|— Census-designated place —|
|Country||United States of America|
|• Total||21.1 sq mi (54.7 km2)|
|• Land||21.0 sq mi (54.4 km2)|
|• Water||0.1 sq mi (0.3 km2)|
|Elevation||220 ft (67 m)|
|• Density||320/sq mi ( 120/km2)|
|Time zone||Eastern (EST) (UTC-5)|
|• Summer (DST)||EDT (UTC-4)|
|GNIS feature ID||0597115|
Brandywine is the name of an unincorporated area in Prince George's County, Maryland, United States, that refers both to a census-designated place (CDP) and a zip code area which is much larger (20613), whose areas overlap. The population of Brandywine at the 2010 U.S. Census was 6,719, and the population of ZIP code 20613 has not yet been identified for 2010.
The CDP and town are adjacent to the southern border of Prince George's County, lying east and west of busy Maryland Route 5/U.S. Route 301, which merge at Brandywine. Brandywine CDP is bordered by Accokeek to the west, Clinton and Rosaryville to the north, Croom to the northeast and Cedarville to the southeast, all in Prince George's County. Waldorf in Charles County borders Brandywine to the south. The Brandywine zip code area encompasses parts of both Counties, and includes Cedarville and Baden.
Although surrounded on either side by the sizable communities of Clinton and Waldorf, Brandywine itself has remained primarily rural and scenic; however, this is beginning to change, with new housing developments being built. The first phase of Brandywine Crossing shopping center opened in October 2008. The Brandywine community also includes Gwynn Park High School, a golf course, several well-known automobile salvage lots, and a construction equipment sales lot.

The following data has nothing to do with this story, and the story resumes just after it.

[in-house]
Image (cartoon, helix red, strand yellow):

As of the census of 2000, there were 1,410 people, 478 households, and 377 families residing in the CDP. The population density was 320.4 people per square mile (123.7/km2). There were 501 housing units at an average density of 113.8/sq mi (44.0/km2). The racial makeup of the CDP was 56.24% White, 38.23% African American, 1.13% Native American, 1.13% Asian, 0.07% Pacific Islander, 0.57% from other races, and 2.62% from two or more races. Hispanic or Latino of any race were 0.71% of the population.
There were 478 households out of which 34.9% had children under the age of 18 living with them, 60.9% were married couples living together, 12.3% had a female householder with no husband present, and 21.1% were non-families. 16.3% of all households were made up of individuals and 6.7% had someone living alone who was 65 years of age or older. The average household size was 2.95 and the average family size was 3.29.
In the CDP the population was spread out with 25.7% under the age of 18, 6.6% from 18 to 24, 30.7% from 25 to 44, 25.7% from 45 to 64, and 11.3% who were 65 years of age or older. The median age was 39 years. For every 100 females there were 90.8 males. For every 100 females age 18 and over, there were 86.1 males.
The median income for a household in the CDP was $57,063, and the median income for a family was $64,038. Males had a median income of $41,783 versus $35,242 for females. The per capita income for the CDP was $19,035. About 8.6% of families and 10.1% of the population were below the poverty line, including 8.3% of those under age 18 and 17.0% of those age 65 or over.
William H. Early named the town of Brandywine as property he owned in the mid-19th century. The CDP consists of the property he owned in the 19th century. It is thought to be named after the Battle of Brandywine of the American Revolutionary War. It was developed on the Baltimore and Potomac Railroad's Pope Creek (Southern Maryland) line in about 1873 and was the only town on the route that developed into a railroad town.